I want to pick up on a point that was made earlier to the Foreign Secretary by one of my hon. Friends, which is that respecting the result should mean not only dropping, or at least suspending, ratification here, but ceasing preparatory work on implementing the treaty, because to carry on with that would be disrespectful to Irish voters. It should mean ending the work on the European external action service, including on which Commission departments are to be transferred to the service, how the Commissions directorates-general relate to it and so on. It should mean ensuring that the Fundamental Rights Agency works on the basis that the charter of fundamental rights is still only a political declaration and not legally binding. It should mean that preparations for the establishment of the new permanent post of President of the Council are stopped, which should at least save some money. It should mean that all legislative proposals are strictly based on current treaty provisions. We could have much firmer guarantees from the Government on those points than anything we have heard so far in the debate.
There is so much for the EU to do. The Foreign Secretary rightly spoke about a broader agenda, and the hon. Member for Wolverhampton, South-West (Rob Marris) asked what the agenda of the EU should be. I think that the EU could quite happily drop the treaty and get on with the job in hand of getting the EU to deliver on the proper priorities of global warming, global competitiveness, global poverty and, as the Foreign Secretary rightly mentioned, the millennium development goals.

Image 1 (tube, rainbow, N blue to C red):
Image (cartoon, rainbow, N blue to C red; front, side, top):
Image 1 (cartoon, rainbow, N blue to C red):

There is much to do on global warming, such as putting a real price on carbon to get the emissions trading scheme working properly. On global poverty, we should do the one thing that would do most to empower the poorest people in the world and reach a successful conclusion on the Doha trade round, or we should sort out the severe failures in EU aid programmes caused by bureaucracy and administrative shortcomings. On global competitiveness, we need to keep working at the nuts and bolts of success: the timely transposition of internal
market directives, the completion of public procurement rules and the need to ensure the free movement of goods by mutual recognition of standards.
Those are not glamorous or far-reaching political institutional projects, but they are indispensable to success, including success in the full liberalisation of EU energy markets and improving the valuable but compromised services directive. The EU should be leading the fight in the world to ensure that we do not heed the sirens calling for protectionismvoices that Lisbon would make it harder for the European Court of Justice to ignore by downgrading the importance of undistorted competition in the treaties.
The Government should be urging such an agenda at this weeks summit and on the forthcoming French presidency. It is such an agenda that the people of this country want to stand for. It is a tragedy that we do not have a Government who are prepared to speak for Britain, to say, Forget these institutional changes, and to adopt the agenda of which I have just spoken. The Governments approach is to muddle along, never challenging a conventional wisdom or a prevailing orthodoxy, striking a brave posture for The Sun or The Sunday Times and then shuffling off to Brussels to betray anything that they said that they would stand for.